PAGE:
Friday nights are usually family dinner night with my significant other’s family. We all gather at his aunt’s house at 6 pm sharp and feast on a large spread of meats, fish and vegetables. (Well, they do. I stick to the veggies). This is followed by fruit, which is then followed by coffee and cake — homemade, of course. It’s essentially Christmas dinner every Friday. No wonder I can’t seem to shed that little bit of extra weight I’ve gained since moving here.
This week his aunt, along with his dad and one of his cousins, went to Sydney to visit relatives so we were left to our own devices. Keeping the family dinner tradition alive, we made plans to meet up with his other cousin and his wife (who I’m going to refer to as D and Y from now on) for dinner in the city. We decided we’d meet up at Flinders Station and figure out where to go from there.
It’s been seven months since I moved to Melbourne (seven months already!) and I’m fairly settled now. In some ways, it was easy as Melbourne and Toronto are pretty similar cities. But there were some things I had to learn and adjust to along the way. Here’s my run-down of some of the thing I discovered that no one told me and that never gets written about in travel books.
Australia’s most underrated city also happens to be my new favourite. A victim of its nickname, perhaps, the City of Churches is often dismissed by Aussies as boring. But after a weekend getaway with my significant other to celebrate our three year anniversary, I beg to differ.
It’s no secret to both tourists and locals alike — the best parts of Melbourne are tucked away in the city’s many laneways. They can be picturesque and Instagram-worthy or downright dodgy looking, those in the know will venture down any alley to see what new hotspot might be hidden there.
It’s no surprise then that my significant other and I made our way to several laneway destinations while out celebrating a friend’s birthday last weekend. Our night began at The Whisky Den on Russell Street. Not located on a laneway, but worth mentioning because of their extensive selection of whiskies. (Note: I’ve never been sure if it’s ‘whisky’ or ‘whiskey’. After reading this guide from The Kitchn I’ll use ‘whisky’ going forward since neither Canada nor Australia have an ‘e’ in their name). Our friend, a whisky enthusiast, was thrilled to find 17 year old Springbank on the menu. An elusive Scotch whisky, he apparently hasn’t been able to find it since a trip to the United Kingdom ten years ago.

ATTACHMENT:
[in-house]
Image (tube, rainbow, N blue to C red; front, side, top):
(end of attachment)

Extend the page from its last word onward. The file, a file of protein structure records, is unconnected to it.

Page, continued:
A lovely friend from school used to call me ‘Luscious Locks Liz’ because of my curly mane. To be honest, I didn’t mind the nickname. My curly hair was my pride and joy. I used to put considerable time and effort into maintaining it’s luscious-ness.
Since then, my hair care efforts have fallen off considerably. After graduating school and starting a 9-5, I said goodbye to my curls and hello to my straightening iron in an effort to decrease the time it took to get ready each morning. Despite popular opinion, most of us girls with curls don’t just wash our hair and go. It takes the right combination of tools and products, along with a great deal of time and patience to cultivate each curl. I’ve never been able to maintain my curls after sleeping on them either, so I would go through this routine every single morning. With straight hair, however, I could wash and dry it in the evening and then just quickly go over it with a brush in the morning. Best of all, it doesn’t even need to be washed every day!
I recently learned an interesting fact: across the globe, the average person consumes 75 pounds of meat per year. Australians, however, consume a whopping 198.8 lbs per person per year, making them the highest consumers of meat worldwide.
Though Melbourne prides itself on being a world class food city, I would argue it still has some work to do when it comes to catering to vegetarians. Sure, there are some reputable restaurants that serve up vegetarian-only fare — Vegie Bar and Smith and Daughters, for instance — but it can be a struggle to find places that satisfy both my taste buds, as well as my meat-eating significant other’s.
With this in mind, I made sure to have a good list of restaurants prepared when my mom and sister came to visit as we all have dietary restrictions — my sister is also vegetarian and my mom requires gluten free.
Below outlines some of the culinary experiences we had during their stay:
Just a week after raving about bullet journaling and the structure it provides me I took a break from it. But for good reason — my mom and sister came to visit.
This does not mean I gave up my planning tendencies though. I usually spend a great deal of time researching a city’s sights, attractions and restaurants when I travel. I’ll devise detailed daily itineraries, plotting out the most logical walking routes to fit in everything I want to see that also takes me to pre-determined restaurants for meals or snacks along the way. I find the walking routes helpful as they optimize the experience of a city by ensuring I’m always traveling between attractions on vibrant, main roads rather than side streets. I also get lost easily. Not all cities cater to vegetarians as well as others, so researching restaurants is also crucial — for both me and my travel partner — to avoid hunger-induced grumpiness.